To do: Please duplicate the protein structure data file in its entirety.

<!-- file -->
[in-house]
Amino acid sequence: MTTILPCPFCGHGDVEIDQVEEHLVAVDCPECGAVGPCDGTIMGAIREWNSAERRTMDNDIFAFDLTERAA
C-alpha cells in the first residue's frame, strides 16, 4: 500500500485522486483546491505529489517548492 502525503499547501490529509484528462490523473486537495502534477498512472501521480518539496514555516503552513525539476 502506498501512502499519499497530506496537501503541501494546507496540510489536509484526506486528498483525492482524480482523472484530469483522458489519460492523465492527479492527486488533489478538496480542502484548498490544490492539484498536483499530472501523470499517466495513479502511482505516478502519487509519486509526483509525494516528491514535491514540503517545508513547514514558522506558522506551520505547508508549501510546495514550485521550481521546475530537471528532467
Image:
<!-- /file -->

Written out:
[in-house]
Amino acid sequence: MTTILPCPFCGHGDVEIDQVEEHLVAVDCPECGAVGPCDGTIMGAIREWNSAERRTMDNDIFAFDLTERAA
C-alpha cells in the first residue's frame, strides 16, 4: 500500500485522486483546491505529489517548492 502525503499547501490529509484528462490523473486537495502534477498512472501521480518539496514555516503552513525539476 502506498501512502499519499497530506496537501503541501494546507496540510489536509484526506486528498483525492482524480482523472484530469483522458489519460492523465492527479492527486488533489478538496480542502484548498490544490492539484498536483499530472501523470499517466495513479502511482505516478502519487509519486509526483509525494516528491514535491514540503517545508513547514514558522506558522506551520505547508508549501510546495514550485521550481521546475530537471528532467
Image: